So you enrolled at a commuter campus

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Katie Pearce/PSU Vanguard

Commuting to campus is a fact of life for many Portland State students. I commute to campus from Washington state at least three times a week. While PSU is accessible for commuters, located in the middle of the city surrounded by public transit options, it can still be a struggle to figure it all out, especially during your first quarter at PSU.

When commuting to campus, you can choose a variety of methods: car, train, or bus. If you live close enough to campus, you may choose to bike, as many students do. Sometimes the best option is a bike and public transit combo. Whatever method works best for you will really depend upon your location.

Going by car

The first option is to drive. If you have classes during peak times—starting early mornings or ending after three—traffic will be awful. The plus side is that you can easily go anywhere you want after class, but be cautious about storing bags and valuables in your car. PSU has parking structures and lots all around campus, and parking passes start around $100 and cap at about $430, depending on your vehicle and schedule.

My favorite is Parking Structure 3, located near the Honors Building. It’s the cheapest—$2.50/hour, $10 for a day—and I have never had a problem finding a spot. Street parking is also great, but spots fill up fast.  If paying to park doesn’t sound ideal, parking across the river and walking 20 minutes to campus is also a popular option.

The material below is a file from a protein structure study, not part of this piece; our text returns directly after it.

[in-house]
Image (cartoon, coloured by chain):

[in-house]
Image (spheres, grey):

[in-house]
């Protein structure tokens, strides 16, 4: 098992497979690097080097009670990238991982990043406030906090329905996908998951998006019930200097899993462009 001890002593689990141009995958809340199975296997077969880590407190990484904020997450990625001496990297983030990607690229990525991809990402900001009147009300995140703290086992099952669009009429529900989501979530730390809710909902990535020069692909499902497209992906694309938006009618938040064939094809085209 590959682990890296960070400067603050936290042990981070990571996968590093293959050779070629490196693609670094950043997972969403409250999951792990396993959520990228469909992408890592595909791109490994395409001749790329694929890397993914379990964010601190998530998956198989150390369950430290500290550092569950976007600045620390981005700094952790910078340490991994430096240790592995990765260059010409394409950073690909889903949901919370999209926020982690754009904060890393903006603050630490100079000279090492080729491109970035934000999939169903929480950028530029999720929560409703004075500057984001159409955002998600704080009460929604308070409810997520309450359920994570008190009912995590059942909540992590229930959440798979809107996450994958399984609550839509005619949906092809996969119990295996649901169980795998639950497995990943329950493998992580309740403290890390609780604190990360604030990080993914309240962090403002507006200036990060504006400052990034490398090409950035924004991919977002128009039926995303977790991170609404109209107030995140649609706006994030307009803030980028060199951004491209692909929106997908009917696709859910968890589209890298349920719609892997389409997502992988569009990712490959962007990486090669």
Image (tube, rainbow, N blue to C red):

Chillin’ out, MAXin’

The second option is taking the MAX train. The Yellow and Green lines run directly to PSU, stopping outside the Academic Student and Recreation Center. The Orange line starts in Milwaukie, and the Green starts in Clackamas. You can also easily access PSU using the Red line—running from Airport/Parkrose—and Blue line—Hillsboro, Beaverton. Both go to Pioneer Square, where you can hop on a Yellow or Green train and be at PSU in five minutes. You will want to give yourself some extra time when using a Blue or Red train since there may be a 5–10-minute wait before the Yellow or Green train arrives.

Bus option

The last option is the bus. Most areas around the Portland Metro area have a bus that will get you where you’re going. If you’re using TriMet, using the Trip Planner on its website or mobile app can help. PSU offers Tri-met Flex-passes at a discounted rate: $180/three months, as opposed to a regular 30-day pass currently priced at $100.

The Commuter/Express buses are going to be the best for long commutes. They make fewer stops before getting to downtown Portland. Keep in mind some express buses may have limited operating hours, which may not always work for your classes. While in Oregon the fare is not going to go up drastically for an Express bus, in Washington the fare is much higher than a normal Trimet/C-Tran bus.

Things to remember

When commuting, you won’t have a dorm to go back to and you may not have your car. This makes what you put in your backpack more vital. Always remember a water bottle and a lunch and healthy snacks so you can keep going through the day. You’ll want to bring a laptop or a Kindle/iPad so you have a way of doing homework.

Also, I can say from past experience that it’s worth investing in a good backpack and learning to use it correctly. Carrying around a heavy load can really hurt your back after a while. If there’s simply too many things to even carry comfortably, you could also think about renting a locker at PSU.

Welcome to Portland’s commuter campus!

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